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Military


Dacha

DachaLiterally, dacha means “something that was given,” and originated in the 17th century from the verb ”davat” (to give). Initially they were given by Russian tsars to “Streltsy” (their closest guardsmen) as a reward for services as early as the 17th century. This custom was introduced by Peter the Great, the founder of modern Russia. At the beginning of the 18th century during his reign dachas became popular as summer holiday retreats. A dacha could be everything from the great Massandra Palace, which was Joseph Stalin’s dacha, to a tiny wooden village house.

The Russian dacha is a gateway to a simpler, more fulfilling life away from the confines of the hot smelly city. These places are often simple, sometimes only sporting a vault toilet, but they can also boast swimming pools and banyas. The main requirement is that it be located outside the metropolis.

At the beginning of 20th century, before the 1917 Revolution, dachas were like estates, as depicted in The Cherry Orchard by Anton Chekhov. They consisted of an old wooden house with a terrace, a butler, postprandial promenades, family concerts, and readings in the evening. In winter, people would move back to the city.

After the Revolution, everything changed. Such estates were branded as “bourgeois” and confiscated by the state. Life in the new Russia required everyone to work, not sit around sipping tea and strolling along leafy paths. After the Great Patriotic War, the Soviet government distributed plots of land. They were tiny pieces of land (600 square meters, or 6,500 square feet), commonly known as “six hundredths.” Dacha owners built small houses on their plots and used the remaining land for subsistence agriculture.

The dacha was a paradise for those seeking privacy – an island of internal exile in the Soviet Union. During summer breaks children were sent to the dacha for three months with their mothers or grandparents. It was here that they fell in love for the first time, learnt how to ride a bike, swam in the lake and went fishing.

A lot has changed in the 21st century. Now Russians can buy as much dacha land as they want, and some dachas no longer look like typical wooden houses in Russia, but more like cottages. But they are still called dachas and many families spend their summers there. The whole family goes there for a few months, while only the poor father (or other breadwinner) has to travel back and forth to the city for work.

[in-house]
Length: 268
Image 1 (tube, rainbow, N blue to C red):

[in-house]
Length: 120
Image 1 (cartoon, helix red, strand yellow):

The dachas is sacred for Russians because people feel free in their private territory. Dachas offer an opportunity to escape the chaos of the city. People often grow vegetables in their gardens, and the fresh air invigorates the soul. Usually there’s no hot water at the dacha.

But everything is constantly in need of repair, and finally there isn’t always a proper working toilet, but rather, a wooden outhouse with a hole in the floor. Russians are big fans of spending weekends and holidays at their country houses, but they can have a rest only if they’re guests. Otherwise, they have to work a lot.

It seems foreigners often relate to the Russian country retreat. It’s kind of exotic, it’s a perfect place to gather with friends, and it’s just a relaxed pace of life. Wooden houses with patterned window frames; babushka in a shawl sitting by the entrance; and a samovar heater in the living room - that’s how most foreigners imagine the Russian dacha to look like. This exotic summer getaway is far from the noisy city, and here you can find a small bit of paradise and silence.

Dachas usually don’t have central heating, so people mostly live in their country houses during the summer. As the first warm days hit the city, people flock en masse to the shire to open the dacha season. But there’s work to do: Dust, dead flies, and unmelted snow all needs to cleaned. After everything is finally looking tidy, it’s time to get gardening. Of course, modern Russians are not so obsessed with planting vegetables, but every babushka has their gryadki [garden beds] with strawberries and parnik [a greenhouse] with tomatoes.

All this work is to taste homegrown, cooked and pickled food that’s absolutely incomparable with what is sold at the store. There are at least few dishes considered “a la dacha.” The most traditional is shashlyk or classic BBQ meat. What does grilling mean for Russians? Much preparation! You need to buy meat and choose the best piece to avoid being cheated at the store. Then cut it into pieces and marinate. And ukha – fish soup, svekolnik – is the second most popular beetroot soup, homemade jam, a wholesome vodka-based drink nastoikas, and many others. The idea of heading out to nature, working on your patch of land and growing your own vegetables and fruit is very relaxing compared to sitting at home in your apartment.




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Page last modified: 23-07-2018 13:38:28 ZULU